Perhaps my favorite truth:

It’s not about you. This can be a particularly hard, and humbling lesson to face – and it’s one I’ve had to continue to learn at every stage of my own journey – but this is a freeing and empowering truth. You may not yet realize it, but you haven’t signed up for a life of glory and adulation (although that MAY well come, and I wish with every fiber of my being, that it WILL come in the right form for every single one of you – however, that is not your destination, for glory is always transitory and will surely disappear just as fleetingly and arbitrarily as it arrived.) The truth is, you have signed up for a life of service by going into the Arts. And the life-altering results of that service in other people’s lives will NEVER disappear as fame unquestionably will. You are here to serve the words, the director, the melody, the author, the chord progression, the choreographer ~ but above all and most importantly, with every breath, step, and stroke of the keyboard, you are here to serve humanity.

You, as alumni of the 109th graduating class of The Juilliard School are now servants to the ear that needs quiet solace, and the eye that needs the consolation of beauty, servants to the mind that needs desperate repose or pointed inquiry, to the heart that needs invitation to flight or silent understanding, and to the soul that needs safe landing, or fearless, relentless enlightenment. You are a servant to the sick one who needs healing through the beauty and peace of the symphony you will compose through blood-shot eyes and sleepless nights. You are an attendant to the lost one who needs saving through the comforting, probing words you will conjure up from the ether, as well as from your own heroic moments of strife and triumph. You are a steward to the closed and blocked one who needs to feel that vital, electric, joyful pulse of life that eludes them as they witness you stop time as you pirouette and jettè across the stage on your tired legs and bleeding toes. You are a vessel to the angry and confused one who needs a protected place to release their rage as they watch your eyes on the screen silently weep in pain as you relive your own private hell. You are a servant to the eager, naïve, optimistic ones who will come behind you with wide eyes and wild dreams, reminding you of yourself, as you teach and shape and mold them, even though you may be plagued with haunting doubts yourself, just as your teachers likely were – and you will reach out to them and generously invite them to soar and thrive, because we are called to share this thing called Art.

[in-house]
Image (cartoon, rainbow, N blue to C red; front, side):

You are also serving one other person: yourself. You are serving the relentless, passionate, fevered force within you that longs to grow and expand and feel and connect and create; that part of you that craves a way to express raw elation and passion, and to make manifest hard-core blissful rapture and – PLEASE, I beg of you, never forget this – FUN! Don’t ever abandon that intoxicating sense of FUN in your ART. Thought that, you are serving your truth. My hope for you is that you will let that truth guide you in every moment of your journey. If you can find that, you have everything. That’s why “making it” is, in the end, utterly insignificant. LIVING it, BREATHING it, SERVING it … that’s where your joy will lie.

I want to share with you a quick email from a soldier on the front lines of our Arts: an elementary/middle school teacher from Salt Lake City, Ms. Audrey Hill, who is fighting the great fight! She brought her students to the recent HD telecast of “La Cenerentola”, and wrote the following note to me:

“One of my boys … a 5th grader… wrote in his review this morning that one of his favorite parts (besides the spaghetti food-fight scene) was where at the end you were singing about getting revenge, and how he really liked that your revenge was going to be forgiveness.   This boy was new to our school this year, has a beautiful singing voice, and has been teased a lot. I have seen him getting more and more angry as the year was coming to a close and today it seemed like all that had disappeared.  It was very moving for me to experience.”

* That’s exactly who you are serving as you now go out into the world. How lucky are you?!??!

Ah, so OK, I lied … I think this may be my favorite truth: